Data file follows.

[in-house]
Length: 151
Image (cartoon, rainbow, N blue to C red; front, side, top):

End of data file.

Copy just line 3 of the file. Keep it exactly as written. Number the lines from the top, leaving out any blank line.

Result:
Image (cartoon, rainbow, N blue to C red; front, side, top):